Our Associates are the lifeblood of the Leadership Academy; they provide our capacity in the wider system; they sit on our decision-making panels and they provide the leadership insights which we need in what is an extraordinarily exciting time for Welsh education.  Above all else, they must be able to operate in that interface between policy and practice – speaking to government and to experts with the confident, authentic voice of practising school leaders. They also have a role in ensuring that the whole educational sector feels connected to the Academy and understands its values and its principles.  Wales has a long and distinguished history of nurturing outstanding educators who have made our nation what it is today and through our Associates we are now enabling our school leaders to bring their experiences of leading effective schools to a national stage.

It has been a challenge for the Academy to ensure that the Associates are representative of all areas, sectors and regions.  For our third cohort we are specifically interested in appointing Associates from special schools, PRUs, all through schools, Welsh medium schools and secondary schools as well as from specific geographical areas.  We must do this to ensure that the Academy can genuinely claim to be national, able to listen to and influence leadership practice in the widest possible range of contexts.  This is not a straightforward task as there are logistic and other challenges to overcome but an Academy which claims to be for all leaders must attempt to be listening to every leader, wherever they may be.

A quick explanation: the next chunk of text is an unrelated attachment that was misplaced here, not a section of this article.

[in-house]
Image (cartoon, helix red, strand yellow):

We are working to ensure that everyone has an opportunity to engage with our work, to sign up for our newsletter and to engage with our events.  In a climate of seemingly endless reform we are starting to redress the balance between policy and practice.  It is our school leaders who are best placed to make decisions on curriculum and on learning and they should be able to inform national policy accordingly.  High-stakes, top down, accountability measures are increasingly seen as outdated and unsuccessful levers for school improvement – and government is listening.  The Wales education system is moving to a place where government policy is informed by school leaders, and where school leaders in turn are enabled by that policy to develop their practice together.

Huw Foster Evans – Chief Executive

A Cohort 2 Associate Reflection

Having been an associate in cohort 2 for 9 months now, completed the first set of learning experiences and got stuck into our commission – it seems like a good moment for reflection!  It’s been a busy few months getting to know a diverse and dedicated team of associates and staff from all over Wales who come with a wealth of knowledge and experience from Welsh and English medium schools, primary and secondary phases, faith schools and federations and working with them to develop the new mindset of a system leader.  Over that time, our work has really come under 4 main headings :

1. Professional Learning